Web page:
Opioid drugs such as morphine are the primary treatment for post-operative and chronic pain conditions through their actions at the mu opioid receptor (MOR). However, development of tolerance to and dependence on these drugs limits their usefulness. Thus, a novel ligand with analgesic properties but lacking tolerance and dependence liability would be of great value in clinical settings. Several published reports have documented that blockade of the delta opioid receptor (DOR), through either antagonism or knockdown of the receptor, leads to decreased development of tolerance or dependence in rodents chronically treated with the MOR agonist morphine (1
). Evidence for interactions between MOR and DOR leading to altered signaling profiles has also been discussed in reference to locomotor sensitization (5
) while other research has shown MOR and DOR cell-surface receptor expression levels to be linked (7
). The studies described above have highlighted roles for both MOR and DOR in the development of morphine-provoked analgesic tolerance and/or dependence.
For pain relief, an optimal therapeutic would be a single drug containing two opioid receptor actions: MOR agonism to promote analgesia along with DOR antagonism to prevent MOR tolerance and dependence development during chronic administration. Co-administration of two drugs acting separately at each individual receptor could be hampered by increased ‘off-target’ effects, differences in pharmacokinetic profiles, and user compliance (9
). We have therefore focused on the development and characterization of peptide ligands that simultaneously display MOR agonism and DOR antagonism while binding with equivalent affinity to each receptor.
The development of such bifunctional or mixed-efficacy ligands has become a topic of increasing interest in several therapeutic areas (10
). For example, bifunctional ligands have been proposed with DOR-KOR efficacy (12
) or MOR-cholecystokinin receptor activities (13
), targeting tolerance liability (14
) or toward novel ligands for treatment of cocaine abuse (15
). Similarly, early studies indicating that blockade of DOR reduces the development of tolerance to MOR agonists have stimulated several investigations into mixed MOR agonist/DOR antagonist compounds (18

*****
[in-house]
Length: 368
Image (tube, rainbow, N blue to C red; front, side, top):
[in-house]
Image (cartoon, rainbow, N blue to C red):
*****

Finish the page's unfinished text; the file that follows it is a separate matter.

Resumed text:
Small peptides and, in particular, receptor-specific ligands provide a means to determine structural or conformational requirements of binding to a particular membrane-bound receptor. We have previously used molecular modeling and conformationally restricted cyclic peptide ligands as tools to analyze determinants of ligand binding to MOR, DOR, and kappa opioid receptors (KOR). Through this methodology, we developed peptides that bind selectively to different opioid receptors (21
) and have expanded these concepts to develop peptides that bind non-selectively but with differing efficacy profiles. Recent work (19
) described the development of a non-selective opioid cyclic pentapeptide that displayed MOR agonism, DOR partial agonism, and KOR agonism. The pentapeptides characterized in that study were designed to have decreased DOR efficacy compared with the parent ligand due to steric interactions inferred from ligand docking to a model of the active state of DOR. Indeed, replacement of Phe residues in position 3 or 4 of the pentapeptide with bulkier 1-naphthylalanine (1-Nal) or 2-naphthylalanine (2-Nal) residues produced analogues with decreased DOR efficacy, in agreement with our modeling studies (19
We have extended this approach by re-examining previously synthesized, non-selective opioid peptides. As our earlier studies were aimed at development of selective opioid ligands for MOR, DOR, or KOR, resulting non-selective cyclic peptides were not evaluated beyond binding affinity. Re-evaluation of these previously synthesized ligands has led to the identification of potential leads with MOR agonist/DOR antagonist properties. Among these ligands were several analogs of the MOR-selective tetrapeptide JOM-6 (Tyr-c(SCH2
)) and the DOR-selective tetrapeptide JOM-13 (Tyr-c(SS)[DCys-Phe-DPen]OH (25
) (where DPen is D-penicillamine (β, β, dimethyl-D-cysteine) and c(SCH2
S) and c(SS) denote cyclization through the side chain sulfurs of DCys and DPen via
an ethylene dithioether or a disulfide, respectively) in which Phe3
was replaced with a bulkier or more constrained aromatic residue that might be expected to bind differently to the active and inactive states of opioid receptors. Evaluation and further modification of the most promising candidates led to the two new analogs reported here, KSK-102 (Dmt-c(SCH2
) and KSK-103 (Dmt-c(SCH2
S)[DCys-Aci-DPen]OH), where Dmt is 2′, 6′-dimethyltyrosine and Aci is 2-aminoindane-2-carboxylic acid (). Of these peptides, KSK-103 displayed the desired bifunctional profile and behaved in vitro
as a MOR agonist with greater potency than the clinical standard morphine. KSK-103 was also found to be a DOR antagonist at the level of receptor-G protein stimulation and at inhibition of the downstream effector enzyme adenylyl cyclase. By comparison, DIPP(Ψ)NH2
(where Tic is tetrahydroisoquinoline-3-carboxylic acid) (20
)) and UFP-505 (Dmt-Tic-GlyNH-benzyl) (18
)), two previously described MOR agonist/DOR antagonist bifunctional peptides with reported decreased propensity to produce tolerance relative to morphine, displayed partial DOR agonism in the adenylyl cyclase assay and had less desirable receptor binding properties.
Structures of parent peptides (A) JOM-6 and (B) JOM-13 and new analogs (C) KSK-102 and (D) KSK-103.